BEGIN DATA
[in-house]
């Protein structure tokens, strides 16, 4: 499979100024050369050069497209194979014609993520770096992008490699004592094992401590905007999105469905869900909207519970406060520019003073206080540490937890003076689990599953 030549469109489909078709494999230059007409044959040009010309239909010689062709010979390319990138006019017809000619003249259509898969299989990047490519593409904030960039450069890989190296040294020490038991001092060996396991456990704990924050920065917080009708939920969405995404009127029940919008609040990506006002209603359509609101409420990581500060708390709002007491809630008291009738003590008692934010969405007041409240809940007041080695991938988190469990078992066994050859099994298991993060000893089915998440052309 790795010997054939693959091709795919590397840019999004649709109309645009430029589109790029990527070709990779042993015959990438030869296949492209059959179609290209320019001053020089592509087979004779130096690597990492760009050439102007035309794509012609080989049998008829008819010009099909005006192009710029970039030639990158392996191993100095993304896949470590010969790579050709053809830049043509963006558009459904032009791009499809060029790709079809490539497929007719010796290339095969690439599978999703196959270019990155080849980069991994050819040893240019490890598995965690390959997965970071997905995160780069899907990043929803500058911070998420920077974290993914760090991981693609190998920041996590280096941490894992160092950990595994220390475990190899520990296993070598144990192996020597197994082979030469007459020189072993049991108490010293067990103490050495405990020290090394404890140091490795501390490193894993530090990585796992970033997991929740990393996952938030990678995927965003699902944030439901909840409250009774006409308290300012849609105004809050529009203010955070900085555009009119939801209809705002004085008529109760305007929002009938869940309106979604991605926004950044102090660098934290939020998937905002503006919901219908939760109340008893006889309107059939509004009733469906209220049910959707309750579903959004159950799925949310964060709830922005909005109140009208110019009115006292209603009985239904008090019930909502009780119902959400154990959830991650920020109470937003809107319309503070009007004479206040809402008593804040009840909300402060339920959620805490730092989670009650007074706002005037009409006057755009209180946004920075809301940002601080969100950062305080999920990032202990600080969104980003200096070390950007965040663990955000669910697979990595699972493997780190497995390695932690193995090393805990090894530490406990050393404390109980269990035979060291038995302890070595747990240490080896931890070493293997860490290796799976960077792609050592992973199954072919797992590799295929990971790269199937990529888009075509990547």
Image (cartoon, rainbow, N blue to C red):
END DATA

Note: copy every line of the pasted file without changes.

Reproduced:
[in-house]
């Protein structure tokens, strides 16, 4: 499979100024050369050069497209194979014609993520770096992008490699004592094992401590905007999105469905869900909207519970406060520019003073206080540490937890003076689990599953 030549469109489909078709494999230059007409044959040009010309239909010689062709010979390319990138006019017809000619003249259509898969299989990047490519593409904030960039450069890989190296040294020490038991001092060996396991456990704990924050920065917080009708939920969405995404009127029940919008609040990506006002209603359509609101409420990581500060708390709002007491809630008291009738003590008692934010969405007041409240809940007041080695991938988190469990078992066994050859099994298991993060000893089915998440052309 790795010997054939693959091709795919590397840019999004649709109309645009430029589109790029990527070709990779042993015959990438030869296949492209059959179609290209320019001053020089592509087979004779130096690597990492760009050439102007035309794509012609080989049998008829008819010009099909005006192009710029970039030639990158392996191993100095993304896949470590010969790579050709053809830049043509963006558009459904032009791009499809060029790709079809490539497929007719010796290339095969690439599978999703196959270019990155080849980069991994050819040893240019490890598995965690390959997965970071997905995160780069899907990043929803500058911070998420920077974290993914760090991981693609190998920041996590280096941490894992160092950990595994220390475990190899520990296993070598144990192996020597197994082979030469007459020189072993049991108490010293067990103490050495405990020290090394404890140091490795501390490193894993530090990585796992970033997991929740990393996952938030990678995927965003699902944030439901909840409250009774006409308290300012849609105004809050529009203010955070900085555009009119939801209809705002004085008529109760305007929002009938869940309106979604991605926004950044102090660098934290939020998937905002503006919901219908939760109340008893006889309107059939509004009733469906209220049910959707309750579903959004159950799925949310964060709830922005909005109140009208110019009115006292209603009985239904008090019930909502009780119902959400154990959830991650920020109470937003809107319309503070009007004479206040809402008593804040009840909300402060339920959620805490730092989670009650007074706002005037009409006057755009209180946004920075809301940002601080969100950062305080999920990032202990600080969104980003200096070390950007965040663990955000669910697979990595699972493997780190497995390695932690193995090393805990090894530490406990050393404390109980269990035979060291038995302890070595747990240490080896931890070493293997860490290796799976960077792609050592992973199954072919797992590799295929990971790269199937990529888009075509990547």
Image (cartoon, rainbow, N blue to C red):